Kamil Fuchs was born on 4 December 1930 in Brno, the son of the architect Bohuslav Fuchs and his wife Drahomíra Fuchsová, an artist and textile designer in the AKA family company centred on interior design and art objects. The background in the Brno art milieu steered Kamil Fuchs towards his father’s profession, and he started to study at the Brno Faculty of Architecture and Civil Engineering where he graduated in 1953.
Kamil Fuchs worked for many years in the Design Centre of National Trade in Brno and in the Brno subsidiary of the State Institute for the Reconstruction of Historical Towns, Cities and Monuments (SÚRPMA). The reconstruction of historical buildings and modern architecture including interiors went on to become his core architectural discipline and interest to which he devoted himself throughout his professional career, both in theory and practice. For his hometown he created a number of designs for restorations and modifications of major historical buildings; together with the Brno director of the SÚRPMA Josef Němec, a pupil and associate of Bohuslav Fuchs; for example, the design for lookout terraces around Petrov in 1958; while in the late 1970s he modernised the Měnínská brána gate, one of the original medieval entrances to the city (1978–1982).
Beyond doubt, Kamil Fuchs’s most important reconstruction was the restoration of the Villa Tugendhat in 1981–1983. As the head of one of the SÚRPMA studios, with a team of collaborators including Josef Janeček, Jarmila Kutějová and Adéla Jeřábková, he was responsible for the heritage preservation of the building and its adaptation to representational purposes of the city and the government. For many years, this reconstruction undeservedly faced negative assessments as its final form was fatefully influenced by the investor, partially devaluating some of the original elements which the architects led by Fuchs strove to preserve. However, the design for the renovation of the villa was of high quality, and was awarded at the Biennale of Architecture in Sofia in 1987.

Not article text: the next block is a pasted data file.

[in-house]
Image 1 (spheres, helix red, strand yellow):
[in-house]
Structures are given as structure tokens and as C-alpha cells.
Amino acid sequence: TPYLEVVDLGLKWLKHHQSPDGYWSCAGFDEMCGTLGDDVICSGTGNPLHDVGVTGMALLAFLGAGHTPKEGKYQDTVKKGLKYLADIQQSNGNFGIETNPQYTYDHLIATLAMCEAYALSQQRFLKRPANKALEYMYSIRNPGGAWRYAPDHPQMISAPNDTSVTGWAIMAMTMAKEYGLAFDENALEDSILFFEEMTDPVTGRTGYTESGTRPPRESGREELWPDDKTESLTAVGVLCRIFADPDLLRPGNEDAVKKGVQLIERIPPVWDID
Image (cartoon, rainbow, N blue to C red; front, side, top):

Throughout his professional career, Kamil Fuchs regularly worked with his father. They would often focus, for example, on the urbanist approach to historical towns and cities and on the modifications of their public spaces. The design for the area adjoining the National Theatre in Prague in the first half of the 1960s fell through, unlike the controversial and much criticised design for a new department store in the main historical square in Jihlava (1969–1970). In 1993 the architect responded to his father’s work for the last time, in the design of the replica of the functionalist Zeman Café from 1926 (with Ateliér ERA, architects Pech and Janíková) pulled down in the 1960s due to the construction of the Janáček Theatre.
Kamil Fuchs died on 13 May 1995 in Brno. Together with his father he is buried in the Central Cemetery in Brno, in a grave the austere cubist tombstone of which, including a posthumous cast of Bohuslav Fuchs’s hand, he designed.
Date of birth
4. 12. 1930 Brno
13. 5. 1995 Brno